The 100 Greatest Cardinals: 21-30
NOTE: The BND has endeavored to identify an objective list of the top 100 St. Louis Cardinals players of all time, based on statistical formulas developed through sabermetrics. We’ll count down the list daily, player by player, until April 4, the day of the Cardinals’ 2019 home opener. The running list and player bios can be found at bnd.com.
NO. 19: 2B RED SCHOENDIENST
The play-by-play voice of France Laux arrived in the farm fields and coal mining communities of Southern Illinois without a hint of static, thanks to the 50,000-watt signal of KMOX radio.
So, even though St. Louis was still a two-team town during the post-depression era, Germantown teenager Albert “Red” Schoendienst was an avowed Cardinals man with his ears glued to the family Philco. St. Louis’ Sportsman’s Park was less than an hour drive due west, but even by the age of 19, the slick fielding star of the Clinton County League had never seen a big-league game in person.
It was while on his new job at Scott Field in 1942 that Schoendienst and his buddy, Joe Linneman, learned that the Cardinals were holding open tryouts and — bonus! — that the attending prospects would be allowed to stay at the ballpark to watch the eventual World Series champions play for free.
With 25 cents in his pocket, he and Linneman hitchhiked down IL-50 and across the bridge to St. Louis. While his buddy stayed with a favorite aunt, Schoendienst found a comfortable park bench, which was a fine place to sleep on a summer’s evening until the unpredictable Midwest weather whipped up a thunderstorm. He’d already spent 10 cents on dinner, a hotdog. The remaining 15 went to a cheap hotel that left him flea-bitten for the tryouts.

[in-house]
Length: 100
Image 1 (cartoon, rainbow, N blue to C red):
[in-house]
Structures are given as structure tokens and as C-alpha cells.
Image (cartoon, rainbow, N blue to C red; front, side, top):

After a week of drills, the Cardinals signed the red-headed infielder and dispatched him to Class-D Union City, Tennessee, “which is the bottom of the barrel,” he said. “If you go any lower than that you’re going home.”
Schoendienst, who learned the game by playing with his six siblings and the saw-dust packed balls his mother made, thought he’d be sent back to Germantown sooner than later. He got some hits in his first professional game, but made two bad errors playing left field that cost his team runs. Cardinals General Manager Branch Rickey happened to be in the ballpark that night, a detail Schoendienst didn’t know until he found “The Mahatma” waiting for him in the modest bush-league lockerroom.